The Best Coach You Never Heard Of

Yesterday afternoon I got to spend a really neat and uplifting three hours visiting with a friend and professional colleague, Jack Pettinger. Jack is a swim coach, but that does not do him justice. He is a great coach and a great person. I first met Jack in 1992 when he attended my first ”Building and Rebuilding the Athlete” seminar in Chicago, at the time he was men’s’ swim coach at University of Wisconsin. Jack has been coaching forty plus years. He was one the coaches of Jim Montgomery the first man to break the 50 second barrier in the 100 freestyle, a barrier considered equivalent to Roger Bannister running the first sub four minute mile. He did not tell me this, I had to look that one up. Jack is the farthest from a self promoter and egotist as a coach as you would ever see. He was in Florida because he had an athlete competing in the Open Water swimming championships in Fort Meyers, so that gave us a chance to visit. He is a wealth of knowledge and experience. He is the type of guy that every young up and coming coach and for that matter experienced coach should be exposed to. He has a strong physical education background, he knows his sport, but gets it in the context of athleticism and the big picture. His is a student of coaching.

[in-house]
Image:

From 1964 to1969 he worked with one of the icons of coaching, Doc Counsilman, swim coach at University of Indiana. I sat mesmerized yesterday as Jack was telling me about the things they were doing in training the 1960’s and the people that they brought in as resources. As I was listening to Jack and then reflected on our conversation I could not but think again how everything old is new again. Today’s hot ideas were used and proven forty, fifty, sixty years ago discarded for whatever reason and then rediscovered as the latest and greatest. My meeting yesterday has inspired to go back and reread the works of Doc Councilman, perhaps you should also. Thanks for the great afternoon Jack, we need more coaches like you!


Post a Comment

<< Home